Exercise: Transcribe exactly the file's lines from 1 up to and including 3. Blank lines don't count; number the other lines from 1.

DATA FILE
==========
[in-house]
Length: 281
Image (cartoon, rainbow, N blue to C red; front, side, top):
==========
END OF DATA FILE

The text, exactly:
[in-house]
Length: 281
Image (cartoon, rainbow, N blue to C red; front, side, top):